Get your bleak on: Manchester is a tough watch at times

Flashbacks are often a blunt instrument when it comes to cinematic storytelling. I can think of several recent films where the way in which they are utilised is beyond clumsy, as if Edward Scissorhands had had one too many crème de menthes and stumbled into the editing suite. No such concerns here; Lonergan grants the past and present equal heft and importance, and the flashbacks seamlessly and organically bleed into the main narrative, as Lee recollects memories both painful and joyous. And it is a flashback that provides the movie's crucial scene. The lengthy sequence in which we are shown what happened to upend our protagonist's life, and its terrible aftermath, is suitably agonising, the fact it's set to Albinoni's beautiful Adagio in G minor only making it all the more so. (A couple of critics, including The New Yorker's esteemed Anthony Lane, have suggested this piece of music is overused in cinema and, whilst I'm inclined to agree with him, it's hardly a deal breaker. Let's just say Lonergan makes rather better use of Adagio than The Inbetweeners 2 or Flashdance ever did.)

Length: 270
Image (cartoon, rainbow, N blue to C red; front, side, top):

Astonishingly, the big set-piece isn't even Manchester By The Sea's most powerful moment. That comes later on when Lee bumps into Randy in the street and the two share a brief and utterly torturous conversation that is notable not only for what is said but for what is left unsaid. It is a tough watch as two people who have hurt each other dreadfully try and find the words to make it all right again. Of course, Lee is at a loss here too, this shambling shell of a man who died a long time ago but never got around to informing his body of the fact. You'd think that such an inert character would give Casey Affleck little to work with but he makes a feast from such unappetising scraps. The haunted look in his eyes, the sag of his shoulders, the palpable self-loathing he wears like a badge of dishonour tell you everything you need to know about what Lee feels and all that he has endured. It is a raw, deeply moving performance. Williams is only in the film for a short time but her presence looms large in virtually every scene. We see little of her own suffering but somehow imagining it is far worse.

Manchester is only Lonergan's third film as a director in 16 years and it is comfortably his best work. It has certain similarities with his debut, 2000's underrated You Can Count On Me, which saw a troubled Mark Ruffalo returning home to a small town to tap his older sister (Laura Linney) for money. He bonds with her son - his nephew - while the siblings grow closer than they have been in years. But, ultimately, he decides to move on. It's bitter sweet with rather more of the latter than you'll find here. At times, Lonergan's latest also reminded me of Pedro Almodovar's recent Julieta - that overwhelming pall of grief, of absence, is similar but even more discernible in this case. Both are about finding a way to carry on, even after life has thrown its absolute worst at you.

Home is where the hurt is: Patrick and Lee both battle demons